Riots claimed 200 liquor stores, but South L.A. still suffers
There used to be a liquor store next to Frances Fikes’ church on Normandie Avenue in South Los Angeles.
But the store burned down 20 years ago, on the first night of the riots.
“I didn’t do it,” she said bluntly, without a hint of joking in her voice. “But I’m happy it’s gone. I was asleep. It was 3 a.m. when it burned. “
I get the feeling that Mrs. Fikes could have done it, if she weren’t such a good Christian woman.
“It was a terrible place. Ter-ri-ble!” she said, indignant at the memory.
The men who hung around the store would urinate on the sidewalk and barge into the sanctuary during worship.
“They’d ask for money. We would offer them food, but that wasn’t what they wanted.”
One morning after Sunday school, with children crowding the candy aisle, the store owner leaped over the counter with a gun and fired at a shoplifter.
“It was frightening,” Mrs. Fikes said. “We suffered. We didn’t know what to do.”
The riots took care of it for them.
The owner cleared the rubble, fenced off the spot and let the church use it as a parking lot. When he applied to rebuild, vanloads of churchgoers protested and the city denied his permit.
Today, that corner is home to a tidy apartment building, ringed by well-tended rosebushes and a sturdy wrought-iron fence.
It’s an awkward thing to celebrate. But the riots accomplished in three days what years of protests could not: 200 liquor stores were wiped out, in a 51-square-mile swath of the city weighted down with more than 600.
The payoff was big: less crime, cleaner streets and fewer ugly scenes.
But controlling their numbers going forward will take more than a match and kerosene.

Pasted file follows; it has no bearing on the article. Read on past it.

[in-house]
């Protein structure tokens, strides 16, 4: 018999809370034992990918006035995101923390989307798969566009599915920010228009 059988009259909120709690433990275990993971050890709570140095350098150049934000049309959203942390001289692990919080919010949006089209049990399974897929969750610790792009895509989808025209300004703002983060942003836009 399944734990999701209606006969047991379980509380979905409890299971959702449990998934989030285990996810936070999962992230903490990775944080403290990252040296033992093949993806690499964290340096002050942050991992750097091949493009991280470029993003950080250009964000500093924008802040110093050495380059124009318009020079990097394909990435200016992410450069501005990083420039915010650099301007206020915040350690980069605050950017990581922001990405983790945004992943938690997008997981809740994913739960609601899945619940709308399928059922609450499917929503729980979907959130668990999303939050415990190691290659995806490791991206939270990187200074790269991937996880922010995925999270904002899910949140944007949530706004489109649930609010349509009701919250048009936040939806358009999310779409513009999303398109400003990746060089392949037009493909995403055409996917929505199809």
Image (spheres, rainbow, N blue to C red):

There are nearly 70,000 more people today in South Los Angeles than there were 20 years ago, census figures show. And liquor license records show 174 fewer liquor stores.
That’s a tribute to the persistence and resilience of a long-suffering community.
Some stores call themselves mini-markets now. Picture windows have replaced cinder-block walls. The owners know better than to toss a customer’s change across the counter. They count it out politely instead, from behind bulletproof barriers.
They’re not the shops that the suburbs know as a pit stop on the way home from work.
They sell six-packs of beer, one can at a time, and charge 50 cents for a “loosie,” a single cigarette.
At their worst, they’re a reflection of what’s wrong in South Los Angeles: high prices, poor service; a magnet for addicts and dealers.
At their most benign, they’re impromptu gathering spots in neighborhoods long on economic woe and short on markets and parks — in communities where the only open space might be a fenced-off, riot-ravaged lot.
The liquor stores were flashpoints for trouble long before Rodney King, and before teenager Latasha Harlins was shot to death by a Korean store owner two weeks after King’s beating. Soon Ja Du was convicted by a jury of manslaughter, but kept out of jail by a sympathetic judge.
The riots were considered, in some neighborhoods, a chance to settle the score. Some black-owned stores were left untouched, while those run by Koreans were torched.
Before the riots, 45% of the liquor stores in South L.A. were operated by Koreans, according to a Times analysis of owners’ names. Now only about one-third (158) are Korean.
But the proliferation of liquor stores — not the ethnicity of owners — is what drags the community down.
“Drugs, prostitution, violence — the liquor store was the place where all that converged,” said Joanne Kim, a leader of the South Los Angeles Community Coalition, which is heading the fight to close them.
Even now, the stores seem to be on every corner, thriving at the intersection of need and disorder.
A mother pushing a baby stroller, shopping for milk, would line up at the liquor store counter alongside an addict buying a glass pipe for the rock of crack that he purchased from a dealer in the parking lot.